This brief sunscreen guide was designed to help you to answer these questions so that you can be more informed when shopping for a natural or organic sunscreen. According to dermatologist and Environmental Working Group recommendations, an “ideal” natural + organic sunscreen should meet the following criteria:
Radiation energy emitted from the sun reaches the earth in the form of ultraviolet rays (UV). The warmth that we feel from sunlight is made up of two types of rays called ultraviolet A (UVA) and ultraviolet B (UVB). These rays each have their own properties and interact with your skin in different ways.
UVB rays are the rays responsible for sunburns. These rays have a short wavelength and can only penetrate the top layers of your skin—causing the surface burn. UVB rays are strong enough to damage our skin’s DNA and are thought to be responsible for the development of most skin cancers.
UVA rays are the rays responsible for tanning and premature aging signs. UVA rays have a longer wavelength and can penetrate two layers beneath the skin into the dermis. The damage that UVA rays causes is more subtle and worsens over time. Unprotected exposure to these rays can cause wrinkles, pigmentation, age spots, and sagging caused by a loss of skin elasticity.
Broad spectrum sunscreens protect against both UVA and UVB rays; however, SPF only measures a sunscreen’s ability to filter UVB rays.
SPF stands for Sun Protection Factor and it is a measure of how long you can stay out in the sun without getting sunburned. To use it, you simply take the amount of time you can normally spend outside without getting burned and multiply it by the SPF of a product. For example, if you can go 10 minutes outside without getting burned, then an SPF of 30 would allow you to stay out in the sun for 300 minutes (5 hours) before getting burned (10 minutes x 30 SPF).
The higher the SPF, the longer you can stay out in the sun. However, a high SPF doesn’t mean that you’re getting stronger protection. A SPF 50 sunscreen can block about 98% of UV rays while a SPF 100 will only block 99%. No sunscreen can block 100% of UV rays and higher SPFs only add marginal filtering protection.
The amount of time that you can spend out in the sun without getting burned depends upon how much melanin you produce. Melanin is a protective pigment that is found in your skin. This pigment naturally protects your cells from UV radiation. The more melanin/pigment in your skin, the longer you can theoretically stay out in the sun naturally.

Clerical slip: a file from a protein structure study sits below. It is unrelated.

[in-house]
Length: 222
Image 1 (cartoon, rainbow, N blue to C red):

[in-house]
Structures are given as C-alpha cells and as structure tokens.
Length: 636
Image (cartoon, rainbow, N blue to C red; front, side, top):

Regardless of the SPF rating, it is recommended that sunscreen be reapplied every 2 hours for maximum protection. Everyday activities, friction with clothing, water sports, and sweat can all reduce the amount of sunscreen on your skin.
Mineral sunscreens are made with zinc oxide and titanium dioxide. These minerals sit on the surface of your skin and physically reflect sunlight away from the skin. Mineral sunscreens offer many benefits:
The downside of mineral sunscreens is that they can be thick, take a long time to rub in, and leave a white tint on your skin. Some organic sunscreens contain smaller particles of zinc oxide and titanium dioxide (referred to as micronized or nano-sized) which can make these formulas thinner and easier to apply. While there is a lot of controversy over nano-particles, there is no significant evidence to prove that zinc nano-particles penetrate into the skin in large amounts or cause damage (source).
Chemical sunscreens contain organic compounds which absorb UV rays into the skin. Then, by a chemical reaction, these compounds transform UV rays into heat and release that heat from the skin. Common chemical sunscreens are oxybenzone, octinoxate, octisalate, and avobenzone. While chemical sunscreens are easier to apply than mineral sunscreens, there have many downsides:
Dermatologist and The Environmental Working Group recommend zinc oxide-based mineral sunscreens as opposed to chemical sunscreens.
While spray sunscreens are super convenient, they may not provide a lot of sun protection. The U.S. Food and Drug Administration expressed concern that spray sunscreens may not be able to provide a thick enough coating to achieve their advertised protection. There are also some concerns that the chemicals in sunscreens may be inhaled into the lungs and cause damage. Even mineral sunscreens, like titanium dioxide, can be harmful if inhaled in meaningful amounts.
Until better information on the safety and effectiveness of spray sunscreens becomes available, it’s best to stick with a good old-fashioned lotion sunscreen.